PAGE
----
Why You Should Get a GSA Schedule
At a time when we are dealing with the uncertainty of the pandemic, consumer habits have changed and in some industries, commercial spending has dramatically decreased. This is alarming to many companies because the future is rocky and unpredictable. However, there are some marketplaces that are remaining steady throughout this global crisis.
U.S. federal government spending has risen significantly in the past few years. The federal government has spent over $1.6 trillion in response to COVID-19, totaling $9.9 trillion in overall spending for Fiscal Year 2020. As one of the biggest buyers in the world, the federal marketplace is always bustling—even during times of economic uncertainty.
So where does the GSA Multiple Award Schedule (MAS) Program fit into all of this? The General Services Administration (GSA) is an independent agency of the U.S. government that helps other government agencies procure commercial products and services at a discounted rate through the GSA MAS Program. As a commercial company, you can sell your solutions to several government agencies using a GSA MAS contract.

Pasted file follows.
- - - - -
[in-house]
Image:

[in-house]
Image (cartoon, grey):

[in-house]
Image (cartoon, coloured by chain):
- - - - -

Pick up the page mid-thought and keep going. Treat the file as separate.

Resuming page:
At Winvale, we are a GSA MAS contract holder ourselves, and we know firsthand how beneficial this program can be for companies. So we put together a list of reasons you should consider acquiring a GSA Schedule contract.
Access to the Government Marketplace
A GSA Schedule contract can be your ticket into the government marketplace. Over 11 million products and services are supplied to federal agencies and other eligible entities through the GSA MAS Schedule, granting you access to a wide-range of customers.
From the Department of Defense, to the United Nations, to the U.S. Department of Agriculture, there are several industries to sell to. You could also be eligible to sell to state and local governments as well as public education institutions under the Cooperative Purchasing and Disaster Purchasing programs.